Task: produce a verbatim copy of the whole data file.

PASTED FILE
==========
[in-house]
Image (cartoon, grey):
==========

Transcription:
[in-house]
Image (cartoon, grey):